We wanted to get people talking about death and dying in a relaxed, friendly environment and on their own terms, so we launched #BeerChat a while back for Dying Matters Week. It was our way of making the conversation less scary. 

With four different beer mats designed, each mat had a question on one side with an explanation about why the hospice was asking that question, with a fact or statistic, on the other side.

Staff and volunteers took the beer mats out to local pubs and bars where they left them placed on tables and bars. The beer mats included a QR code that linked to a page on the hospice’s website for those who were interested in learning more about the Dying Matters Awareness Week.

Details on the four beer mats were:

  • No regrets? Will you look back and wonder ‘if only…’ or ‘I wish I had…’ and what would that be? The back explained about Bronnie Ware’s work (author of best-selling memoir The Top Five Regrets of the Dying) and suggested people address things today that may become regrets of the future.
  • Do you have a will? Who would you leave your favourite things to? Who would benefit most? What about your digital legacy, what will happen to your social media accounts when you’re gone? The back stated that 60% of the UK adult population doesn’t have a will and gave details of the hospice’s Free Wills Month (taking place next month).
  • How would you like your funeral to be? Have you thought about it – burial or cremation? Hymns or pop music? What sort of reception would there be afterwards? The back stated that only 30% of UK adults have discussed their funeral wishes and gave details of the Dying Matters 'My Funeral Wishes' leaflet.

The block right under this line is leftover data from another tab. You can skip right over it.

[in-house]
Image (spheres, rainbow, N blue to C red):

• How will you be remembered? What is the quality that makes you stand out? What do others love about you? Do you have an achievement you are really proud of? The back said that it’s difficult to blow our own trumpets, but that we have all done something wonderful.

The idea with the beer mats was to generate conversation in a relaxed environment. Simon, our corporate Community Fundraiser linked them up with pubs he thought would be receptive and then members of staff took them to their own locals. Others went out to distribute them to pubs and bars within our catchment area.

A total of 48 pubs and bars took 50-60 mats each and quite a few were seen on tables there over the next few weeks, with anecdotal feedback indicating that they were received well by the public.

A record shop in Eastbourne that has a monthly quiz night, had their quiz master explain the concept while people had a break between rounds; the proprietor said it got people talking. A member or staff was out with friends in a pub where the mats were out which sparked a discussion around the table with people discussing their end of life wishes. In addition, Harvey’s Brewery put the mats out on tables during Eastbourne Pride in July.

There were 85 visits to the specific page on St Wilfrid’s website about Dying Matters Week - a significant figure as they were all unique visitors.

It was so well-received so it's likely to be something that we repeat in future years.

Liz Silvester, our Communications Manger said: ‘St Wilfrid’s vision is of a community where people talk opening about dying, live well until the end of their life and where nobody dies alone, afraid or in pain, so we always relish Dying Matters Awareness Week and like to come up with a way of getting more people talking more openly in more ordinary settings.’

The winners of the Hospice UK awards will be announced on November 27th at its annual conference.